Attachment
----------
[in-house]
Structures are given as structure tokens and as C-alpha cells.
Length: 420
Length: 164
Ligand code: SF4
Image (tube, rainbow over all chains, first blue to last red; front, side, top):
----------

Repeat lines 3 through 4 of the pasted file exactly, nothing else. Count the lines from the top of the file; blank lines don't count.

Length: 420
Length: 164